When subjects were classified according to their presence at the time of fogging on the evening of 8th June, interesting observations were made. [Table:2] shows incidence of cases was high in subjects present on road (60.5% in males and 33.3% in females) as compared to those who were inside rooms of the houses (8.3% in males and 3.4% in females), while those who were not in the locality nearly escaped the disease. Interestingly, eight of 27 males (29.6%) present on the roofs of their houses also reported the symptoms.

[Table:3] depicts the distribution of the cases in relation to the time of onset of their symptoms. In the most cases, burning sensation in eyes, dyspnoea and cough started on the night of the 8th June, while fever was reported by a fewer subjects. The cases examined by the DMRC team, did not have any clinically detectable signs referable to the respiratory system.

  ::   DiscussionTop

Most epidemics with acute respiratory symptoms are caused by air born infections or accidental inhalation of toxic gases, fumes, etc. The absence of secondary cases and selflimiting nature of this epidemic indicated a noninfectious aetiology. When the subjects present on the road at time of the fogging, were considered exposed and those out of the locality at that time were taken as unexposed, a high relative risk of 32.7 and very high attributable risk of 96.9% was derived. These indicate a strong association between the occurrence of cases and the event of fogging. The temporal distribution of onset of symptoms further strengthens this association. DDVP is an organophosphorus (OP) compound and symptoms of OP poisoning viz. giddiness, apprehension, cold sweating, excessive salivation, uncontrolled urination or defecation, were not reported by the residents of the area. The cases had received treatment, which consisted of corticosteroids, bronchodilators and antibiotics. Ironically the antidote of OP poisoning, atropine was not given in these cases. This indicates the signs of OP poisoning were not observed by the treating doctors.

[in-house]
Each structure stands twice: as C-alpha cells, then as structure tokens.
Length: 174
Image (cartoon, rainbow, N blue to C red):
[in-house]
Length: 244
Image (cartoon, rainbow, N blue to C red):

ULV Space spraying of insecticides has been extensively used in South Africa[2] and other countries[3], but such an epidemic as encountered in Jaipur has never been reported. Fogging with dichlorovos and diesel as a vehicle, using same foggenerator has been carried out many times in Jaipur town. However, there was never an instance of epidemic of breathlessness and cough in past, following fogging.

Strong association between fogging and occurrence of symptoms in absence of signs and symptoms of OP poisoning indicates something other than DDVP, caused these symptoms. This could have been an inappropriate solvent or defective functioning of fog generator, leading to generation of an unusual dark coloured fog, which irritated eyes, respiratory tract and gastrointestinal tract of exposed residents. Exposure to diesel fumes in sufficient concentrations has been known to cause irritation of eyes, bronchoconstriction and exacerbations of asthma in human beings but there is no evidence of any permanent effect[4],[5], therefore improper combustion of diesel in fog generator could have been a possible cause of dark irritating fog.

  ::   AcknowledgmentTop

Authors express their gratitude to Dr. G. S. Gehlot, Director Medical and Health Services, Rajasthan for extending his support in this study. We are also thankful to Director General, Indian council of Medical Research and Dr. Bela Shah, Chief NCD Division, ICMR and former Director Desert Medicine Research Centre for sending the DMRC team for investigation of epidemic. Authors are grateful to Dr. H. N. Saiyed, Dr. D. K. Nag and Dr. Aruna Devan of National Institute of Occupational Health, Ahmedabad and Dr. J. N. Pande of All India Institute of Medical Sciences New Delhi, for their kind cooperation in this study.


1 Gordis L. Epidemiology. Philadelphia: Saunders WB; 1996; pp. 141161.
2World Health Organisation. Vector control for malaria and other Mosquitoborn diseases. Report of a WHO Study Group. (WHO Technical Report Series. No. 857). Geneva: World Health Organization; 1995.
3Mount GA, Biery TL, Haile DG. A review of ultralowvolume aerial sprays of insecticide for mosquito control. J Am Mosq Control Assoc 1996; 12:601618.
4Morgan WK, Reger RB, Tucker DM. Health effects of diesel emissions. Ann Occup Hyg 1997; 41:643658.
5Rudell B, Ledin MC, Hammarstrom U, Stjernberg N, Lundback B, Sandstrom T. Effects on symptoms and lung function in humans experimentally exposed to diesel exhaust. Occup Environ Med 1996; 53:658662.